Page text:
I never asked Michael Levy why he named these speakers Hestia, but after reading up on the mythology, I have a feeling about it. Hestia is a sort of earth goddess—centered, grounded, rooted, connected to the core of things. She's the keeper of the sacred flame, a master of the space she carved out for herself. The Hestia Titanium shares these characteristics.

But in another way, the name doesn't fit. Hestia was laid-back, mild-mannered, and Alta Audio's Hestia Titanium is anything but: it's bold, daring, a little brazen—no hausfrau, but a sexy Greek lady who'll keep you on your toes, dancing.

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ARTICLE CONTENTS

COMMENTS
dalethorn's picture

"....the bassoon that enters 13 minutes into the first movement of the Shostakovich: it's positioned in space with far greater precision than the wavelength of the fundamental tone would allow."

There are a few things where I find it useful to focus on a fundamental or a harmonic, but the whole tone and how it interacts with the room is the final arbiter for so many things.

spacehound's picture

I'm not at all sceptical about his 'titanium' stuff, but these speakers have far too many drivers to ever sound coherent.

It's the inevitable consequence of putting enough stuff in to make it appear to people with more money that sense that they are worth 32,000 dollars.

(And it always amuses me that so many go on about 'space' around the speakers yet so many buy big and expensive floorstanders where there is no 'space' at all above what is often the most reflective and resonant part of the room.)

Michael Levy's picture

While I agree that melding multiple drivers is not an easy task, the reviewers agree that the Hestia Titanium does just that, or to quote Jim Austin from this review: "When I listened to a live version of "Corcovado," from disc 3 of Stan Getz's The Girl from Ipanema: The Bossa Nova Years (4 CDs, Verve 823 611-2), singer Astrud Gilberto stood on a stage, a few feet up from where I sat in the fourth or fifth row. Getz and his tenor sax were on the same level, farther back and slightly to the right. João Gilberto was on Astrud's right, just inside the left speaker, obviously seated, his guitar in his hands. He was human-sized, and his voice emerged from a spot maybe 18" above the sound of his guitar—as it would in an unamplified live performance. Astounding.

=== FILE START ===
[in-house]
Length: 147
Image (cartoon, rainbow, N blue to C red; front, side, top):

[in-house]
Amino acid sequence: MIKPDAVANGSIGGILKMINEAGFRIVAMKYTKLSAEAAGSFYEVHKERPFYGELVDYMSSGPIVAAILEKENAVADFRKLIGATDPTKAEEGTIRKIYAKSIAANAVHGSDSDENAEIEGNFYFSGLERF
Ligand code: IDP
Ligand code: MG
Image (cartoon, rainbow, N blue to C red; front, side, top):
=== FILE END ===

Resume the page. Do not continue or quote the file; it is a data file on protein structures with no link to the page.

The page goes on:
Read more at https://www.stereophile.com/content/alta-audio-hestia-titanium-loudspeaker-page-2#4PYKvtcdgtxsUB7d.99

otaku's picture

I heard the Alta Audio FRM-2 bookshelf speakers at the Brooklyn show in 2014 and was very impressed. Maybe bigger is not always better.

Michael Levy's picture

Our speakers are designed to match the room in which they are played. The Celesta FRM-2s are designed for moderate sized rooms, such as those that would be found in a Manhattan apartment, the Hestia Titaniums favor larger rooms. they both create an accurate representation of the space where the original recording was recorded, with the Hestias more able to portray the full grandeur of that space.

mtrot's picture

What speaker terminal jumpers appear in the picture? Thanks.

Michael Levy's picture

We provide AntiCables jumpers with the Hestia Titanium Speakers

eriks's picture

What a funny review of a funny speaker. Let me touch on one of many things stated which made me giggle:

"Levy told me that the crossover between the midrange and the tweeter is asymmetric, the tweeter coming in much faster than the midrange fades out. That asymmetry adds complexity."

Asymmetrical in this sense means that the poles, or order of the crossover is not the same on the low pass as the high pass section. This is quite typical in flat-baffle designs. This doesn't add any complexity at all and is often necessary for proper phase and amplitude matching between drivers. The designer in this case seems to have only had partial success.

The "dipolito" is a sad riff indeed. This is no such thing. While D'Appolito designs may have asymmetrical (2nd and 3rd order for example) crossovers the good doctor is very much aware that higher order filters minimize lobing and interference. Using a first order low pass filter on the mids is why you have the big dip when vertically off-axis at 1 kHz.

On the positive side, cutting off 6-7" mid-woofers at 1 kHz will prevent the comb filtering / interference effect you were concerned about. They should play as a single surface, or rather, they should _if_ they were the same make and model of driver, but they aren't. This speaker really is an endless garden of delight when it comes to curiosities.

Best,

Erik

Michael Levy's picture